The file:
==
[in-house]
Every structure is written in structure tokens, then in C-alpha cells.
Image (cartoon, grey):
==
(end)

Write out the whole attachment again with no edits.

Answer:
[in-house]
Every structure is written in structure tokens, then in C-alpha cells.
Image (cartoon, grey):